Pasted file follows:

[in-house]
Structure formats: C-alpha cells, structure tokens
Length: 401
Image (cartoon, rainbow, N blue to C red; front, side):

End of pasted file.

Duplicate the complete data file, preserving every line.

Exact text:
[in-house]
Structure formats: C-alpha cells, structure tokens
Length: 401
Image (cartoon, rainbow, N blue to C red; front, side):